Somayeh Rashidi, an Iranian women’s rights activist with the One Million Signatures Campaign, was targeted this morning with a search of her home and a summons to court. She told Change for Equality, that she “asked the security officials to provide me with identification, but they refused, claiming instead that [she] will find out in the future what intelligence agency they are working with. [She] also objected to the search and seizure of property belonging to [her] roommates, but the security officials did not pay any attention to [her] protests.” Rashidi was also arrested in November in connection to public protests and spent two days in prison. Today’s search is just the latest in a series of arrests of or attacks/threats towards Iranian women’s rights activists.
The One Million Signatures Campaign, which seeks to collect one million signatures against the legal discrimination women face under Iranian law, has been particularly targeted. A number of activists associated with the campaign have been arrested and imprisoned in recent years, including American graduate student and feminist activist Esha Momeni.
Shirin Ebadi, Nobel Laureate and one of Iran’s leading human rights defenders, is also being harassed and her family is being targeted. Iranian authorities not only froze her bank account, but also broke into Ebadi’s safe deposit box and stole her Nobel medal, which has since been returned, according to the LA Times.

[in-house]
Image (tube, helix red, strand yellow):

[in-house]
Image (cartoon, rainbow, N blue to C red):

Omid Memarian, an exiled Iranian journalist, told the Daily Beast, “I talked to Shirin Ebadi just a few days ago. The authorities have summoned her husband, brother, and sister…Her organization in Iran cannot operate freely. She has been the most significant voice for human rights in Iran over the last five months. Harassing her is a very intimidating signal to others.”
According to the Daily Beast, in addition to the continued harassment of women’s rights activists, last month “Iranian state television ran a documentary attacking the nation’s women’s rights movement.” Airing of the documentary preceded an announcement earlier this month from the head of Iran’s state television, Ezatollah Zarghami, who declared that state-sponsored television programs will henceforth prohibit women who appear on air from using make-up. Zarghami told the newspaper Eternad that “make-up by women during television programs is illegal and against Islamic Sharia law. There should not be a single case of a woman wearing make-up during a program.”